Tom Johnston and Pat Simmons, Long Train Runnin’: Our Story of The Doobie Brothers (St. Martin’s) — If you love the Doobie Brothers, this is the book for you. An oral history of the band, told mostly by Johnston and Simmons, the book contains stories of the songs, stories behind the different permutations of the band, and stories of how the band has kept the long train running for the last 50 years. (Full story here.)
John Lingan, A Song for Everyone: The Story of Creedence Clearwater Revival (Hachette, August) — Maybe this book, coming in August, will be just the thing to get us through the dog days of summer. There’s more than enough drama surrounding CCR, but Lingan draws on wide-ranging research into the social and musical developments of 1959–1972, extensive original interviews with surviving Creedence members and associates, and unpublished memoirs from people who knew the group closely to write as close to a definitive biography of the group as we’re ever likely to get.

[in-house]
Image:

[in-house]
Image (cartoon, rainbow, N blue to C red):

Scott Billington, Making Tracks: A Record Producer’s Southern Roots Music Journey (Mississippi) — The view from behind the boards by Billington, who produced artists as diverse as Bobby Rush, Charlie Rich, Irma Thomas, and Buckwheat Zydeco, among many others, mainly for Rounder Records. He reveals the frustrations and successes of the recording process in this engaging memoir, as well as his attempts to capture the perfect performance.